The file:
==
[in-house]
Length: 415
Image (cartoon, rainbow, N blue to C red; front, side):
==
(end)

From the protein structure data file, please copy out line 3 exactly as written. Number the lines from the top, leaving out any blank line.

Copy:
Image (cartoon, rainbow, N blue to C red; front, side):